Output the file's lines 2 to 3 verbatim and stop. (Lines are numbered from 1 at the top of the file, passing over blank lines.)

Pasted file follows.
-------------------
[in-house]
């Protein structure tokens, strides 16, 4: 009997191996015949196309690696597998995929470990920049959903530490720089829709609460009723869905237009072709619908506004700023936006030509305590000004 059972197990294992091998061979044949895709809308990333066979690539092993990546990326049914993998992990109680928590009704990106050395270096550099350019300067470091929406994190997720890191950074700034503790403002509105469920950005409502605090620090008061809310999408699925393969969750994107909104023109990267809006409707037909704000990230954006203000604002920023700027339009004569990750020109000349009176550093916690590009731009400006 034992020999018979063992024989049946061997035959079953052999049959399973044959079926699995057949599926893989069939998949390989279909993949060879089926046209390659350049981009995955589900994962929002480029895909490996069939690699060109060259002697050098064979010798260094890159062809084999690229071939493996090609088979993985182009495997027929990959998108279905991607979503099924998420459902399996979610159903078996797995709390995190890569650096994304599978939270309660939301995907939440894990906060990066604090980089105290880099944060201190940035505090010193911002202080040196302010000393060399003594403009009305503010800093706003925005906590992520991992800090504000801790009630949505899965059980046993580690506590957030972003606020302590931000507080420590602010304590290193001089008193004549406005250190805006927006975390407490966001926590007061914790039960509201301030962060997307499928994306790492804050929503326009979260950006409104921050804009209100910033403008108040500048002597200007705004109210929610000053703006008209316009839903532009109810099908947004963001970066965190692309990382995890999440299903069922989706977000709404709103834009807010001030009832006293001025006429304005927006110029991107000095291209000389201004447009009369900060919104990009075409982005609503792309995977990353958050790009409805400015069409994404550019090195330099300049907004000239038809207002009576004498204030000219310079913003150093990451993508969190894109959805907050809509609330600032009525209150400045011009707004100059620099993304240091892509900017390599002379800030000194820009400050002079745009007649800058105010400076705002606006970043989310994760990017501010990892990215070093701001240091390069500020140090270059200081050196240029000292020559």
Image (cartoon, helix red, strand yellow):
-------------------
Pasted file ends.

């Protein structure tokens, strides 16, 4: 009997191996015949196309690696597998995929470990920049959903530490720089829709609460009723869905237009072709619908506004700023936006030509305590000004 059972197990294992091998061979044949895709809308990333066979690539092993990546990326049914993998992990109680928590009704990106050395270096550099350019300067470091929406994190997720890191950074700034503790403002509105469920950005409502605090620090008061809310999408699925393969969750994107909104023109990267809006409707037909704000990230954006203000604002920023700027339009004569990750020109000349009176550093916690590009731009400006 034992020999018979063992024989049946061997035959079953052999049959399973044959079926699995057949599926893989069939998949390989279909993949060879089926046209390659350049981009995955589900994962929002480029895909490996069939690699060109060259002697050098064979010798260094890159062809084999690229071939493996090609088979993985182009495997027929990959998108279905991607979503099924998420459902399996979610159903078996797995709390995190890569650096994304599978939270309660939301995907939440894990906060990066604090980089105290880099944060201190940035505090010193911002202080040196302010000393060399003594403009009305503010800093706003925005906590992520991992800090504000801790009630949505899965059980046993580690506590957030972003606020302590931000507080420590602010304590290193001089008193004549406005250190805006927006975390407490966001926590007061914790039960509201301030962060997307499928994306790492804050929503326009979260950006409104921050804009209100910033403008108040500048002597200007705004109210929610000053703006008209316009839903532009109810099908947004963001970066965190692309990382995890999440299903069922989706977000709404709103834009807010001030009832006293001025006429304005927006110029991107000095291209000389201004447009009369900060919104990009075409982005609503792309995977990353958050790009409805400015069409994404550019090195330099300049907004000239038809207002009576004498204030000219310079913003150093990451993508969190894109959805907050809509609330600032009525209150400045011009707004100059620099993304240091892509900017390599002379800030000194820009400050002079745009007649800058105010400076705002606006970043989310994760990017501010990892990215070093701001240091390069500020140090270059200081050196240029000292020559």
Image (cartoon, helix red, strand yellow):